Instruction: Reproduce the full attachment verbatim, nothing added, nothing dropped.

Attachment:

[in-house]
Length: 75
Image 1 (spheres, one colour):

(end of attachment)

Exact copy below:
[in-house]
Length: 75
Image 1 (spheres, one colour):